About Me

Thursday, 17 November 2011

Being a 21st Century Woman

I feel completely blessed that I was born into a time when women have rights (perhaps not quite equal rights), where women can have a life outside the home, where women can go to work and have kids too, where we can do all kinds of things are predecesors couldn't. We have choices. However I think that now, more than ever, we also have pressure. Pressure to work, to be a perfect mother, to have a home worthy of Country Living Magazine, to be HSBC Business Woman of the year, in fact to be a bloomin' Super Woman. With the availability of choice, actually comes less choice too. Where 50 or 60 years ago a large portion of women would have stayed at home with their children and been a 'home maker', and the pressure on the men to be the breadwinner, now the pressure is shared.
I think for a young woman, particularly once she starts to have children, there is this unspoken rule that she will not only look after the kids, clean the house, cook, etc but also she will work.

I am white middle class. Theres no shame in that, it's just what I was born into. I don't assimiliate to all the typical white middle class ideals, but much of my life is in that bracket. And I notice particularly within this bracket this pressure on women to be everything. To make the decision to be a stay at home mum is a brave one round these parts. And if you do become one then you are expected to join the PTA, village organisation and help at the toddler group. So then you become a working mum too, you just don't get paid or any credit for it.

The other type of mum becomes someone who works from home or runs her own business, in the hope that it will fit round the kids but also provide some income (or as one friend termed it some 'pin money', cough, splutter...;)  )  Without fail everyone then moans about this as it invariably does not fit around the kids... Some of you will know of my own experience running my own business, which I no longer do. It left me with a feeling that it is simply impossible for a woman to be a housewife and mum and work, and to do all of that well. Something has to give. (unless of course you earn a packet and can afford a nanny and that is a whole other discussion...)

I am of course slightly biased as by working so hard I made myself ill. But at the same time I am almost angry that we put this pressure on ourselves. And it's not just ourselves, it's the fact that we are capable women and society and Country Living magazine tell us that we can have it all and be wonderful, beautiful, smiling examples of womanhood...  Ok, so I am having a bad day... perhaps this post is rather one sided... But seriously why are we never happy? and I speak to myself here too. Currently I am in a place where I think, Ireally know that I need to be spending time at home, to be spending time being a mother and housewife. It may not be forever, who knows, but I am finding it very hard to stay there. I seem to be torn between being a stay at home mum (with some voluntary work on the side) and being a dynamic young woman setting off to change the world (tongue firmly in cheek there...)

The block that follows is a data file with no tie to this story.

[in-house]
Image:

Incidentally in the middle of this rant I had a deja-vu moment and realised I have written some of this before... see here for more..!  #not leanring from past rants


Harriet said...

I know that I am split into two parts - I never regretted giving up work to be at home for the boys - I loved it. It was the most fulfilling job I could wish for and we have 2 communicative sons who are a pleasure to be with. But every so often the ambition rises up and I feel like I should / could do more. I won't do both together - I tried and hated it. If I had to choose - i would choose to stay at home and be responsible for my own children. Lots of people don't have that choice - but I wish they did and I wish that good parenting skills were acknowledged and celebrated.I feel very strongly about this!

Doorkeeper said...

My daughter-in-law (a solicitor but currently at home with two littlies) and I (formerly in a 'good job', twice retired and currently working again) agree about one important thing - it is worth going out to work even if you only earn enough to pay the cleaner.

Harriet said...

Sorry about previous rant - just to clarify - I have no problem with people choosing to go out to work - I work now.It's having to apologise for choosing to be a stay at home mum, that gets me.

Lay Anglicana said...

I'm in my early sixties, so am between the two generations you describe. At my place of work I reached the level where we were told we had become honorary men - not quite my intention. We were told we should be 'duchesses in the drawing room and whores in the bedroom'. Well, I'm a pretty ropey duchess and I defy anyone to be her husband's whore after 30 years of marriage!

I think perhaps we were the first generation who tried to do it all, and realised this was impossible.

Everyone's life involves choices - the only problem is knowing which is the right one for you.

I'm sure you know Robert Frost's poem 'The road not taken' - he would have gone mad if he had tried to take both!

Red said...

thanks guys. Always an emotive subject!
@Harriet i think thst where I am, or have been, trying to do both and realising I am not enjoying it. and don't apologise for the rant, its good that you feel strongly about it! and I agree with you :)
@doorkeeper yes I think if you can, it helps to keep you sane! its just about balance though isn't it..
@laura, you do make me laugh! but yes, its knowing what is right for you, and that is my dilemna!